BEVERLY — The papers are spread across a table in the kitchen of Dan DeAngelis’ home on Brimbal Avenue, where he has lived for 33 years.
There are maps and drawings, a thick environmental file, applications for state funding, letters from the mayor — the accumulated record of what is known as the Brimbal Avenue interchange project.
DeAngelis, 57, is among the groundswell of residents who are speaking out against the plans. So many people showed up at Monday night’s public hearing on the project at City Hall that city councilors had to recess the meeting and move it to tonight at 7 in the larger Beverly High School auditorium.
While Mayor Bill Scanlon has touted the project as a way to spur major economic development, DeAngelis and others say it will increase traffic on an already busy road and seriously impact their neighborhood.
“The delicate balance of development and quality of life seems to be tipping to the development side,” DeAngelis said. “People came to Beverly because of the type of town that it was. It’s slowly going to become the type of town we won’t recognize anymore.”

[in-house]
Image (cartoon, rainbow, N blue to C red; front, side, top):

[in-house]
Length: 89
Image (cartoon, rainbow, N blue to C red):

The proposed project is a complicated plan that involves building a series of new interchanges to improve traffic flow in the Brimbal Avenue/Route 128 area. It would also widen a section of Brimbal Avenue, place traffic signals and roundabouts at various locations, and add sidewalks and bike paths.
Scanlon says the work will not only improve traffic flow and safety, but will open up acres of land to development along Route 128 that will generate regional jobs and tax revenue for the city.
Scanlon, who is not running for re-election and will leave office in January, said he has been working on the project for nearly a decade. But DeAngelis and other residents say they were mostly unaware of the scope and details until recently.